MSIH Student: Tales from a Mexican Operating Room
June 11, 2019
The following is an excerpt by Aaron Hochman-Zimmerman, a fourth-year student at Ben-Gurion University’s Medical School for International Health, who spent his global health rotation in Mexico City.
Global Health Experience
What was I really looking for anyway? Mostly I was looking to see where I would fit in all of this. The stated mission was in so many words: “Have a global health experience,” but we each have our own definition of global health, or at least our global health priorities.
Was I there to get into the details of it and pick up a few clever diagnostic tips long forgotten by high-tech medicine? Sure. Was I there to appreciate, in broad strokes, how a low- or middle-income country manages its medical resources? Of course. Was I there to share with them what I’ve learned in the countries where I’ve visited? I probably should.
It’s difficult to answer and should take some careful consideration to process what you’re seeing and doing, but the Mexican doctors and students I met were happy to help. And that was when I finally noticed what I was meant to find. They were happy. They didn’t seem to use their frustration and exhaustion at work as a measure of their achievement the way Americans sometimes do.
One day I had to ask a neurosurgeon, who had worked in the States for several years, how surgeons in Mexico could be in such good spirits all the time. The camaraderie in the department was different than what I was used to. In the operating theater they played music, they joked and the residents felt free to ask questions without fearing reprisals.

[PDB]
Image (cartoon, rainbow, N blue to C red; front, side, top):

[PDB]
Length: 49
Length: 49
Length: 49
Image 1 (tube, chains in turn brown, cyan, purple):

Another of the neurosurgeons overheard our conversation and asked how it was different in the States. The first surgeon answered him by saying that the operating room in the States was “como una iglesia,” (like a church). There is no joking, no music, always serious and stern.
“It’s just our personality,” he told me. “In Colombia and Brazil, they think Mexicans are serious,” he added.
I had witnessed some more intense moments when the chatting stopped for a moment, but they seemed to be organic to the situation at hand.
In the end, I had a great time. The city itself is an exciting place to be and I did, naturally, learn a few medical tricks as well. But I saw an attitude that sometimes eludes Western medicine and shouldn’t. I’m waiting for someone to show me evidence of medical staff martyrdom improving patient outcomes. Is there any rule that says being happy is a sign of giving less than 100 percent or that smiling is disrespectful to the craft or the patients?